Monday, December 26, 2016

L'Amour de Loin: operatic dream world

Opera may be the most tradition-bound of art forms (on a par with symphony orchestras), but the Metropolitan Opera continues to explore exciting new methods of musical storytelling with its new production of Finnish composer Kaija Saariaho's L'Amour de Loin (Love from afar).

The production has made headlines because it's only the second opera by a female composer produced in the Met's 133-year history. In addition, it's only the fourth time that a woman has taken the podium -- the Finnish conductor Susanna Malkki.


Far from a gimmick, both women are in the midst of respected careers and it seems a shame that the New York classical music world would seem to be a bit behind Europe and other areas in creating opportunities for female artistic leaders.


Now, L'Amour de Loin (which premiered at the Salzburg Festival in 2000) has very little action and practically no change of scene. However, Canadian director Robert LePage and set/costume designer Michael Curry have created a visual world that moves while exploring such non-physical realms as mind and emotion. 



Left to right, Tamara Mumford, Susanna Phillips
 and Eric Owens in L'Amour de Loin
The plot concerns the 12th century French poet and troubador, JaufrĂ© Rudel, who was said to have fallen in love with the Countess of Tripoli (one of the Crusader states in what is now Lebanon) simply from descriptions of her virtues brought to France by pilgrim travelers. He sets sail across the Mediterranean to see her, falls ill on the journey and, upon arrival, dies in her arms.

This is wholly in keeping with improbably opera plots, but as is often the case, plot isn't the main point. Inhabiting the mythical status of the story, L'Amour de Loin explores the quality of purity in love, divorced from love's object. The poetic libretto by Amin Maalouf even asks, "What good is love from afar?"


The undulating sea is suggested by rows of thousands of LED lights suspended across the stage. A pilgrim traveler (Tamara Mumford) and Rudel (Eric Owens) travel in a small boat, but a large set piece resembling a bridge on a single pivot also suggests a boat and, when stationary, a shore or the rim of a castle. The lights swirl with color and are separated by enough space that the chorus seems to rise from the sea.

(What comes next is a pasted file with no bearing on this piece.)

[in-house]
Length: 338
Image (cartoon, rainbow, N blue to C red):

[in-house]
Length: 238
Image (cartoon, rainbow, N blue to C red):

The work of lighting designer Kevin Adams, lighting image designer Lionel Arnould and sound designer Mark Grey is seamlessly integrated.    


While firmly tonal, Saariaho's music includes electronic sounds. Each character, the chorus and the orchestra is given differentiated music. (I was particularly struck by the nearly-human quality of the woodwind voices.)


Malkki's conducting drew out all the sectional qualities with a clear sense of pace. However, the score's overall flowing, dreamlike quality did produce one unintended effect: my seat companion and I found our eyelids lowering during the first half. At intermission, we agreed that we were so fascinated by what we were seeing and hearing that we were fighting the somnolent urge.


The small cast was thrillingly committed to the music. An announcement before the performance told us that Owens was battling bronchitis, but "he wishes to sing for you." His commanding bass-baritone voice seemed slightly diminished in power, with an occasional cough, but beautifully expressed Rudel's discontent and longing. I was glad Owens made the effort.


Mumford's pilgrim traveler shuttled between the lovers with a sturdy sense of mission and compassion. As the countess, soprano Susanna Phillips seemed to glow with both physical beauty and wistfulness, soaring in her final moments as she rails against fate and prays to - whom? God or her "love from afar?" The mysterious qualities of love seem to intersect with faith to pose eternal questions.  


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